Today, we’re releasing a core set of financial outcomes to help human services organizations demonstrate the value of building financial empowerment and capability initiatives into their work.
Many of these organizations help people access housing, jobs, emergency assistance, or other services they may need to address crises, achieve economic independence, or build assets. Including financial empowerment in these services can help individuals improve their financial well-being. For example, if an individual knows how to get and read their free annual credit report, that skill may help them improve their credit score which, in turn, may lead to securing a job or an affordable place to live.
To this end, we have developed five core financial capability and empowerment outcomes that can be used across programs to provide a common framework and language for demonstrating success of integrating financial empowerment into existing programs. This core set of recommended financial outcomes is designed to:
- Help inform and guide service delivery organizations and those who design, fund, or evaluate service programs assess the value of integrating financial capability and empowerment into human services programs.
- Provide a suggested core set of outcomes for the field.
- Augment, not displace, current programmatic outcomes and accommodate a broad range of different program types.
As shown in the table below, the five core financial capability and empowerment outcomes we identified are:
- Planning and goals
- Bill payment
- Credit profile
- Financial well-being
We’ve included financial well-being in the core set because it is the ultimate goal of financial empowerment, capability, and education efforts. We have a specific measure for this core outcome: the CFPB Financial Well-Being Scale . This is an outcome measure based on a consumer-derived definition of financial well-being that includes concepts of financial security and freedom of choice, now and for the future.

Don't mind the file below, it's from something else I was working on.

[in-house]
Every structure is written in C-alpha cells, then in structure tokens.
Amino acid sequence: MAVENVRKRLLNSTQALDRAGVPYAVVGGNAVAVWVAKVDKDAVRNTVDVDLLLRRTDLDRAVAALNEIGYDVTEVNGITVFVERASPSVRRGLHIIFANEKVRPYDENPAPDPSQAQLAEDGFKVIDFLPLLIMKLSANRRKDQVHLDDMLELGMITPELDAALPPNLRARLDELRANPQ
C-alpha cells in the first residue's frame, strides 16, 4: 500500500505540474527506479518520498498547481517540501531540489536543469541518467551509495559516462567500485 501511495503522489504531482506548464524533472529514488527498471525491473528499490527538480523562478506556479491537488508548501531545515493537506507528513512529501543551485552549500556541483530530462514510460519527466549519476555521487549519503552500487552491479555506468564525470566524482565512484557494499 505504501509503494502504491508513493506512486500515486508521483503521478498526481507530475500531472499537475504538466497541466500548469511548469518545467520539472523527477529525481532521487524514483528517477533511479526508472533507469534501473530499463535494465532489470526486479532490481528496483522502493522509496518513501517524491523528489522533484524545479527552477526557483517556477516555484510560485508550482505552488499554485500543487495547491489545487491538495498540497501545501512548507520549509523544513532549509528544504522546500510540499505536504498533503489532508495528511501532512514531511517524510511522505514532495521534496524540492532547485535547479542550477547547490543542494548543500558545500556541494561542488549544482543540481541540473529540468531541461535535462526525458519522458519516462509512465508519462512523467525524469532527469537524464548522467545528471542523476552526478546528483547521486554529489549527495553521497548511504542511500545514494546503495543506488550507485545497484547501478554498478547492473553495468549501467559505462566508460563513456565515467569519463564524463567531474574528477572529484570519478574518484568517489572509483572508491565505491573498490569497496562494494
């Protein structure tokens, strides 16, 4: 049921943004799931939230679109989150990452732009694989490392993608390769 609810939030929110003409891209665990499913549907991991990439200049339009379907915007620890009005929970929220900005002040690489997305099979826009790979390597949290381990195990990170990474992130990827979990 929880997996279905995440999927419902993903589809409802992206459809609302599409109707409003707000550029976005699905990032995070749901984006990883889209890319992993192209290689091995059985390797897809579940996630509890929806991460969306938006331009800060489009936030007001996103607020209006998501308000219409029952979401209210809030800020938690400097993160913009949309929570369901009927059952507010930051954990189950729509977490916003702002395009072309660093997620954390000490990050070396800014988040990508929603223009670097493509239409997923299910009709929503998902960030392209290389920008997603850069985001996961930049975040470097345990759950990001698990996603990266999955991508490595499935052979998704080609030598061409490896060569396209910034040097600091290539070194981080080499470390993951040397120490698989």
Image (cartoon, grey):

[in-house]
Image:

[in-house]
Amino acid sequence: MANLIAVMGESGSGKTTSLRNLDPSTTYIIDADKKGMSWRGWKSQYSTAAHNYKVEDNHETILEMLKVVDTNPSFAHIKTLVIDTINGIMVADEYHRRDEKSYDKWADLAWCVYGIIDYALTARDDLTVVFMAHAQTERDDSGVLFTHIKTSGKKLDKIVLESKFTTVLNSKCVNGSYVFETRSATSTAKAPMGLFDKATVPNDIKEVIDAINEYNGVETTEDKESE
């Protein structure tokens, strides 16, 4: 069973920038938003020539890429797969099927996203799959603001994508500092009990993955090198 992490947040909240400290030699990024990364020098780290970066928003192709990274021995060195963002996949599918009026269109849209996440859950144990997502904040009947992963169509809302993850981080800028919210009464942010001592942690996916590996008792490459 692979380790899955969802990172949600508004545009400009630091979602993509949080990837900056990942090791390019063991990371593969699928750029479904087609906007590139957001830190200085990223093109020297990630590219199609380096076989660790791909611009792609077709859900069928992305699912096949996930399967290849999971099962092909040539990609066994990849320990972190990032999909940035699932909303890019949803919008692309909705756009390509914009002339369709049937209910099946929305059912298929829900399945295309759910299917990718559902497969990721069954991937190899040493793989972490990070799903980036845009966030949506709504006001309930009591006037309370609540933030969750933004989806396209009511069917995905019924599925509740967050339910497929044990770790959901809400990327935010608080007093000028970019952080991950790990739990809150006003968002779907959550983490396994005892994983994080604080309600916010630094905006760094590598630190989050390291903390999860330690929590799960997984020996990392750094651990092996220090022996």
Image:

|CORE ONE||CORE TWO||CORE THREE||CORE FOUR||CORE FIVE|
|Planning and goals||Savings||Bill payment||Credit profile||Financial well-being|
|Description||Setting up a plan or goal||Having savings or habit||Improvement in bill paying||Improvement in credit profile; thin file or no
score to demonstrated credit history
sense of financial security and freedom of choice
|Options for indicators
|Plan in place
Goal in place
Active use of plan or
|Regularity of savings
Automaticity of saving
Setting up a rainy day or emergency fund
Percent of income saved
|On-time bill payment
Fewer late fees
How person prioritizes if insufficient funds
|Fewer late payments/number of delinquent payments
Increase in credit score
Alternative data reported, e.g., utility bills (incling for thin or no file consumers)
“Becoming visible”—gaining credit history
|CFPB Financial Well-Being Scale
10 item (standard) version
5 item (abbreviated)
|Source||Self- or staff-reported, or tracked||Self-reported or account status||Self- or staff-reported, or credit report||Credit report and/or credit score||Self-reported|
|Level||Household or individual||Household or individual||Household or individual||Individual||Individual|
Building financial empowerment strategies into existing programs will be more sustainable if programs can demonstrate measurable and meaningful financial outcomes alongside their other program objectives. Through these efforts, organizations that provide financial services or support can help those they serve achieve financial well-being.
Learn more about financial empowerment.